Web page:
Natalie Portman recently wrote to John E. Deasy, Ph.D., superintendent of the Los Angeles Unified School District, congratulating him on LAUSD’s 2011 Golden Carrot Award.

School cafeterias across the US are ditching the mystery meat and serving up fruits, vegetables, and healthy plant-based meal options. It’s National School Lunch Week, and the Physicians Committee for Responsible Medicine (PCRM) has announced the winners of its 2011 “Golden Carrot Awards” for innovation in school food service. The grand prize went to the Los Angeles Unified School District (LAUSD) Board of Education and Superintendent John Deasy.

“I was thrilled to hear about the Los Angeles Unified School District’s revamped lunch menu,” wrote Natalie to John Deasy. "As a new parent, I love your district’s emphasis on healthy meal options and nutrition education. By serving healthy menu items like fresh salads, avocado wraps, and black bean burgers, you’re helping students develop a taste for nutritious foods. But you’re also making sure students understand how food affects their bodies so they’re more likely to bypass the cheeseburgers and put healthful items on their trays.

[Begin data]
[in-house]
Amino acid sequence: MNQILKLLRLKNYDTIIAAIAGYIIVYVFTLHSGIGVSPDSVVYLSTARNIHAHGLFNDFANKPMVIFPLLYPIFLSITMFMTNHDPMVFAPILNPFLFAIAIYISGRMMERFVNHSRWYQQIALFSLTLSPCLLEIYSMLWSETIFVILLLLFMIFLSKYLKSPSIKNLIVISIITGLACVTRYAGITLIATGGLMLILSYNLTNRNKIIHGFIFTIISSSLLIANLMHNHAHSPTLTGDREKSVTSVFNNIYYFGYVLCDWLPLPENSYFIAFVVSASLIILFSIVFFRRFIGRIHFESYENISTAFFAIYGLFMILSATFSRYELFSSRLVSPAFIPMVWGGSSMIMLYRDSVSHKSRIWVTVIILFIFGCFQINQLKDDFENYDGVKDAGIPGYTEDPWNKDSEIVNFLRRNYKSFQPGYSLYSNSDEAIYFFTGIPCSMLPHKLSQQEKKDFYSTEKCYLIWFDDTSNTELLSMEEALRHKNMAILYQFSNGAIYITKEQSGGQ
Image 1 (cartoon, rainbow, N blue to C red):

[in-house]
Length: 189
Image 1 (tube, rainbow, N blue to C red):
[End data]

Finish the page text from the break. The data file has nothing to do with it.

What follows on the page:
“I’m worried about my son’s generation. Childhood obesity has hit a record high, and experts say that one in every three children born today will develop diabetes in his or her lifetime. But I’m also hopeful that we can reverse these terrible trends. That’s where parents and school officials come in. We need to work together to help our children develop healthy eating habits.

“Schools play a critical role. They can help teach children healthy behaviors—and they can also support these behaviors on a daily basis by providing more fruits and vegetables and other healthy foods, along with opportunities for physical activity.

“That’s why I’m joining the Physicians Committee for Responsible Medicine during National School Lunch Week to congratulate you on your new menu items and healthy school lunch campaign. I hope schools across the country look to you as they work to improve their own cafeteria offerings.

“Thank you again for helping kids stay healthy.”

PCRM established the Golden Carrot Awards in 2004 to recognize food service professionals doing an exceptional job of improving the healthfulness of school lunches. PCRM looks for programs that encourage kids to eat lots of fresh fruits and vegetables and that offer plenty of vegetarian, low-fat, whole grain, and nondairy options. If a student chooses a plant-based meal option even once a week, he or she can reap important benefits. A veggie burger, for example, is similar in protein content to a hamburger. However, while the hamburger has 15 grams of fat, the veggie burger has only 5 and contains almost no saturated fat or cholesterol.

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